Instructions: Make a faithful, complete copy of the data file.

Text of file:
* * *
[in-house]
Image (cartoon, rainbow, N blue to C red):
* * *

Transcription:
[in-house]
Image (cartoon, rainbow, N blue to C red):